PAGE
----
Knowing her family’s history with Alzheimer’s disease, Dr. Maria Carolina Gallego-Iradi began researching treatments for the disease in marine mammals.
The UF assistant scientist discovered, in both human and dolphin brains, the manifestation of Alzheimer’s is almost identical, she said. She discovered the similarity while studying dolphins that washed ashore in Spain and has been conducting a study for more than 10 years.
Gallego-Iradi said the discovery is a rare occurrence in animals, and she hopes it can lead to more knowledge or a treatment for Alzheimer’s.
“It should be an outstanding advance for humanity,” she said.
To study the connection, she said researchers would have to study hundreds of dolphins’ daily activity and collect data on any abnormal losses of function.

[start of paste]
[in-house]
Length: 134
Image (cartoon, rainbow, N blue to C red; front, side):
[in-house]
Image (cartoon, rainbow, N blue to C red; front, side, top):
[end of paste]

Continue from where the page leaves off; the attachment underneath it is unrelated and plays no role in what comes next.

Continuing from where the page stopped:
But, she said, because dolphins are wild animals, it would be nearly impossible to detect if the marine mammals have Alzheimer’s.
Alzheimer’s disease is a progressive brain disease that leads to memory loss, cognitive disability and, ultimately, death. Humans develop Alzheimer’s when they are older, and if dolphins also have Alzheimer’s, it would be the same, she said.
The pathology between dolphins and humans is similar because dolphins carry the amyloid plaques and neurofibrillary tangles that appear in humans with dementia or Alzheimer’s, Gallego-Iradi said.
“Dolphins’ brains are highly complex, just like humans,” she said.